government and allows girls to self govern, lead each other, take on responsibility, and serve as role models. At Culver, girls participate in activities and exercises to promote the understanding and adoption of specific virtues and values – the

A s a junior leader, you are privileged with the

cardinal virtues of compassion, moderation, justice, courage and

ability to look up to and

wisdom, and the essentials of ethical decision-making: integrity,

continue to learn from

commitment, vision, communication, critical thinking,

senior leaders, whilst

self-discipline, competence, and responsibility.

Experience gained serving through the CGA Prefect

simultaneously leading the underclassmen. My roommate is an amazing senior leader, and I have been able

System allows girls to discover first-hand that virtuous behavior is

to learn from her words and

critical when leading others. Junior girls learn to listen well and to

actions throughout the year.

be compassionate, open-minded, and non-judgmental. They learn

proper ways to resolve conflicts, how to establish achievable goals for themselves and their peers, and learn to be part of a leadership team that works together in a spirit of collaboration. Working together, they develop shared goals, strategies, and plans for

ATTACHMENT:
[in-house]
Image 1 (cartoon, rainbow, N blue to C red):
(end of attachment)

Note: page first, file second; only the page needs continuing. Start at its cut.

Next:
– Brenna Newell ’11 Ithaka Dorm

their senior year.

12

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13 | THE

CREST


Strength & Justice T

he broadswords and balanced scales on the CGA Crest

signify strength and justice. Junior year girls at Culver learn to

become strong and just leaders who can truly make a difference in the lives of others by practicing ethical decision-making and effective leadership.

The CGA Prefect System parallels democratic

government and allows girls to self govern, lead each other, take on responsibility, and serve as role models. At Culver, girls participate in activities and exercises to promote the understanding and adoption of specific virtues and values – the

A s a junior leader, you are privileged with the

cardinal virtues of compassion, moderation, justice, courage and